Kuwait switching to nuclear power by 2020?

Kuwait switching to nuclear power by 2020?

The Kuwaiti Goverment is looking at a new alternative for the production of energy.  The nuclear energy was retained as one option, based on the identification of electricity needs in various sectors, from agriculture to the industry.

An official study showed that Kuwait’s approach towards peaceful nuclear energy came on the basis of many important data, including its geographical location, the summer heat, a major growth in residential cities, the construction of roads and services, the population growth and the expansion in commercial complexes and factories .

All of these factors have made Kuwait one of the world’s top consumers of electricity and water. The increase in electric load exceeds 8% annually, while the global increase is only 2% to 3%.

The state now has the largest electricity subsidy, the world’s highest, according to the World Bank report. Each kilowatt costs the state US $ 1.4 and sells it to consumers at US $ 2. Taking into account that Kuwait has 7 power plants producing 14,000 Megawatts, while consumption now exceeds 12,000 megawatts, with a weighted increase in consumption to 32,000 megawatts by 2030. (Dinar = $ 3.308)

Kuwait has begun to study the production of clean energy for more than 10 years to cope with the increase in consumption. It has begun to develop effective mechanisms in this regard. The most recent of these has been the lighting of some governmental installations with solar energy. The experience of this technology continues in a number of projects Other.

“The introduction of nuclear energy as a component of local energy is one of the most crucial decisions of any country,” said Ahmed al-Zaini, professor of economics at Kuwait University. “Nuclear energy is a strategic choice that has both positives and challenges.

“It is one of its advantages to provide electricity and water while reducing the emission of polluting gases to the environment, creating jobs, and transfer of technology and modern technologies,” explains Zaini. He added that Kuwait’s interest in the study and evaluation of the introduction of nuclear energy for peaceful purposes came out of its endeavor to diversify the sources of electric energy to accommodate the expected future demand and to ensure the continued rapid development of its economy. A national committee was established for this purpose on behalf of the National Committee on the Uses of Nuclear Energy To conduct general studies of this subject, in preparation for taking the appropriate national decision in the light of its results.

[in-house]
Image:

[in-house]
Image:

The government study showed that the maximum domestic demand for electricity will be close to 25,000 megawatts by 2025 and could reach 30,000 in 2030, compared to a current installed capacity of about 11,000, reflecting annual growth of between 4% and 5% from 2008 to 2008.

The professor of nuclear energy at the Australian University of Kuwait, Imad Al-Ablani added that the fuel stations are reducing the current quantities of crude oil and its derivatives, as well as natural gas associated with oil, as the fuel stations amounted to about 300 thousand barrels in 2009, between 10%-12% of the domestic production estimated at 2.7 million barrels per day, which is going to rise about 20% by 2020.

“Free natural gas is not available now, and as the local production of oil is set by WPC, it means diminution of natural wealth and its resources, because every barrel of oil produced will boost the export or refining capacity of the country.”

“Nuclear energy will provide challenges such as the seriousness of nuclear waste, the supply of nuclear fuel, the flexibility of government procedures, the selection of appropriate technology for the nuclear plant, the rehabilitation of national forces for the operation of nuclear energy, and the security of nuclear installations,” he said.

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Arnaud Lefevre

Arnaud Lefevre is the Chief Executive Officer of Dynatom International. Arnaud is in charge of the international development of the business portfolio.